I will be the first to admit that I am not a pet person. Never have been. I don’t get butterflies and warm fuzzies when people walk by me on the street with their dogs, I think cats are weird, and I detest rabbits (the two-teeth scar on my hand may have something to do with that).
But it only takes one.
I was 12-years-old when my oldest brother brought Dustie Jack home. I remember the first time I saw her, a young pup running around our driveway. I didn’t really give her a second thought over the next eight years other than Oh, she bit you again?, Just keep her outside, and It sucks that mom and dad got stuck with Josh’s dog.
That last thought needs a little more explanation. My brother had to move, to California, and Dustie Jack proved to be anything but a travel dog. She had a panic attack as soon as you brought her near your car, even if it was just for a joyride. My older brother is an animal-lover/protector/saver, and it broke his heart to leave his dog behind, but the decision had to be made. The duty of taking care of the dog fell to my youngest brothers. She stayed outside, away from most humans, for the first half of her life. My mom (who never wanted the dog) started realizing how cold it was during the winter, and Dustie was given a place in the garage. The garage soon became the mudroom, the mudroom soon became the kitchen and dining room, the kitchen and dining room soon became a designated rug at the entrance of the carpeted living room. After 8 or 9 years as an outdoor dog, Dustie became and indoor one (yeah, she is pretty smart like that— she didn’t need anyone to tell her where to go to the bathroom, she just knew).
But being an outside dog, and living in the country, and having rare human interaction, gave Dustie a wild streak. In other words, she had a temper. Especially when it came to small animals (she gave our neighbor dog a hundred stitches once, or a hundred dollars worth of stitches, I can’t remember— my dad said the little yapper had it coming) and small people, like babies and such—she didn’t like ’em. Then one Christmas, she bit my friend (it was terrible, my friend- being a dog person- was very forgiving, but… it was terrible) and my mom discussed putting her down because it wasn’t safe having my little niece and nephew around an unstable dog.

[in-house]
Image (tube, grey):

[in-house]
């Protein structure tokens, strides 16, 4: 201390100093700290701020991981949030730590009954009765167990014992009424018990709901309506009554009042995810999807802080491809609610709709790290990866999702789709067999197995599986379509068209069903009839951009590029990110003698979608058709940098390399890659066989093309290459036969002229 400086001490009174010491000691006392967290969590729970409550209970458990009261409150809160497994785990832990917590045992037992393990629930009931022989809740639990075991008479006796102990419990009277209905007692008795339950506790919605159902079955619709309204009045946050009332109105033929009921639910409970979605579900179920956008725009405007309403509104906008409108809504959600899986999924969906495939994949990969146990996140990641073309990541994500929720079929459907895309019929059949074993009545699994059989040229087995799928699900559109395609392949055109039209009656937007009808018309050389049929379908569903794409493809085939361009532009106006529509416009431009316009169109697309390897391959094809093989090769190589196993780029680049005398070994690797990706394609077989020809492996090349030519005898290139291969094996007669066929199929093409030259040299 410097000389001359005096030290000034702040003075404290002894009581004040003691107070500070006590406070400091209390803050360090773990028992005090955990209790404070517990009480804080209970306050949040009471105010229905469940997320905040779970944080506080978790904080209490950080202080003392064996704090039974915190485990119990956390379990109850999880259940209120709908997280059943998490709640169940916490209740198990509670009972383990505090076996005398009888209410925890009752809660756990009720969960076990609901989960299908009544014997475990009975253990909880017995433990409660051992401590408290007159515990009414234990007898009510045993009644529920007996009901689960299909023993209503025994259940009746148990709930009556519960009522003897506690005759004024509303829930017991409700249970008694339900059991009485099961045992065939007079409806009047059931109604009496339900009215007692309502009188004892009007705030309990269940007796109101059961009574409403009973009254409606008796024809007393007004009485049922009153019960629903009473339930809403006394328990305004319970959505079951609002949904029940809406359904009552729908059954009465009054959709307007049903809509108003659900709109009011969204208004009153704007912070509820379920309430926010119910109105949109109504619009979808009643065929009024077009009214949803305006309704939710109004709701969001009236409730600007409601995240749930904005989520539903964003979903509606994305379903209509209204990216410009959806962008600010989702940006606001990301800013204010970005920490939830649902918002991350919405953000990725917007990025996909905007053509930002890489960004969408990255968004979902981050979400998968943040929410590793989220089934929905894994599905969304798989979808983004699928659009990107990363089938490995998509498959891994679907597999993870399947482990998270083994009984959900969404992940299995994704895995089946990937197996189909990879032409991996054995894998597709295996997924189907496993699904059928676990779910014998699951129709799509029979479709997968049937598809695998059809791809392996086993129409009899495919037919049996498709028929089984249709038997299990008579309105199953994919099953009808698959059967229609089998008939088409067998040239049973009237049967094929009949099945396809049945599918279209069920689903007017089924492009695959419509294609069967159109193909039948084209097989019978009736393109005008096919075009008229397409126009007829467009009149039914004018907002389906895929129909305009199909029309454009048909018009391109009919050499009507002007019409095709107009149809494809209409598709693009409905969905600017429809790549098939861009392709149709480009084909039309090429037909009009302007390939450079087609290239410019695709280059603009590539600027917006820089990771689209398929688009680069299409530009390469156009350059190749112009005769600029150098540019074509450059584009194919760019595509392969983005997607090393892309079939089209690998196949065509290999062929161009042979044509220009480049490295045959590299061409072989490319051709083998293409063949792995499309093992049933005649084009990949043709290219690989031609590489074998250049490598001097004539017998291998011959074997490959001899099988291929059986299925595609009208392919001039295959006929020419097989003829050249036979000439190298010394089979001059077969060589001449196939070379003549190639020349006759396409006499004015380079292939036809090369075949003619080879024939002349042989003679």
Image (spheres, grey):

This happened when I was 21. I have no idea what came over me but I all of a sudden found myself in a state of disbelief. YOU CAN’T PUT MY DOG DOWN. Wait… since when did Dustie become my dog? I mean… she wasn’t. But she was, and I felt this need, an urge, to protect her. I offered to take Dustie to my place in Kalamazoo (yes, this town exists) anytime my niece and nephew came to visit. I am pretty sure nobody believed me at first, but I insisted— and my mom relented. She didn’t want to let go of Dustie either, looks like the rest of the family had gotten attached too.
I took Dustie back to my college town that very week. She cried and whimpered the whole way (still not being a travel dog), and almost caused me to get in a car wreck, or two. I remember my windshield window being disgusting, with all of her wet-nose marks. That first week Dustie stayed with me, and I took care of her, caused something to shift in both of us. She loved the house that I shared with my sister. All used furniture so she could hang out and lay on whatever she pleased, walks around the neighborhood marking her territory, and when bedtime came— there she was in my tiny twin-sized bed, which was NOT big enough for the both of us.
Dustie became loyal to me, and I fell in love with her. I brought her to stay with me for a week at a time on several occasions throughout the next two years. She treated it as her “summer cottage”. She even started doing better in the car. When I would come home to visit she greeted me as if I was her favorite person in the world, and then she would run out to my car, expecting me to take her back with me every time I left.
She became my friend, and even tried to like what I liked (always begging for nacho cheese doritos— though I told her every time that she didn’t like the cheese flavor). She was always waiting for me when I came home, and hated it when I had to lock her out of my room because I actually needed a good night’s rest.
So… this is why people have dogs.
I am not a pet person.
I am a Dustie Jack person.
In her old age she lost that temper she was known for and behaved really well around other dogs, and children. I believe she changed because she experienced the love from her owners that she should have gotten her whole life. Over the past seven/eight years, she was no longer looked at as, “Josh’s old pet” or “that dog”. Dustie became family.
And today my family had to say good-bye to her.
I already miss you so much Dustie Jack. Thank you for being the only dog I will ever truly love.